Sunday, March 4, 2012

Archaic and Bloody: Enjoy

Apologies to all lovers of seals (and I'm one of them) for some of these images but my area of research is the communities whose industry contributed to the decimation of seal colonies in the 1800's. These pictures are as valuable to me as those certain scents that return us to our childhood. Connect that to a British society who wore sealskin hats and whose streets were lit with their oil. The cloaks of the Chinese Mandarins were made of Western Australian sealskin - it was a global export industry born decades before the colony itself. Wild stuff. So here goes.
Flinching a Yearling, Tristan De Acuna, by Augustus Earle, 1793 - 1838.

This image Rafting Blubber at Tristan De Acunha by Augustus Earle is curious in many ways. I'm gathering that the rafting of blubber means the sealer is about to float the flensed blubber of a seal out to the boat standing off the rocks. Check out the swell. Crazy. Then there is the dog, who looks a bit like a dingo crossbreed. 19th century sealers are often described as travelling with Aboriginal women, children and big mobs of brindle dogs that were European hounds crossed with Antipodean dingoes. Dogs changed Aboriginal society in Tasmania after invasion/colonisation but also had a part to play in a massive shift of Aboriginal society on 'mainland' Australia 3000 years ago, when the dogs crossed from south east Asia. I get that Tristan De Acunha is northwards from my particular rave but the presence of that dog says that they were still used as familiars and co-workers.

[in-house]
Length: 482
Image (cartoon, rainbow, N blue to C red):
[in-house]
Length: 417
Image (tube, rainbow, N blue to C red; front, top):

View on the north side of Kanguroo Island, painted by William Westall. Published by G & W Nicol, Feb.12. 1814.
An idyllic view. Most of the seals and the kangaroos were gone by the mid 1800s thanks to not only the resident sealers but also visiting colonists who shot everything to salt down for later. A species of short legged emu endemic to the island is now extinct, an Australian version of the Moa extinction narrative.

 Native Cats of Australia, Charles-Alexander Lesueur, 1778 - 1846.
We hate introduced cats making a right mess of native animal populations, right? Here is rare image of marsupial cats getting stuck into a seal carcass. I like this image because of everything that it represents - native carnivores, the carnage of colonisation, the shifting of food resources, etc. etc.

Chasse aux phoques, by Leon Jean Baptiste, d. 1887.
It's French for 'carnage'.

 Frank Wild, Leader, and Morton Henry Moyes, Meteorlogist, Western Base Party, standing with knife over a Weddell seal, Australasian Antarctic Expedition, 1911-1914. By Frank Wild, 1873-1939.
This photograph is obviously posed but even after that ... well. Awkward silence. I've got no idea what is going on here. It's an nineteenth century Facebook moment, methinks.


  1. Re the last photo - it would go well in a catalogue of 'Awkward Family Holiday Photos'.

  2. They were men of their time. Hopefully the family photograph albums were too!

  3. Great images. Thank God for visual artists, without them so much info would be missing.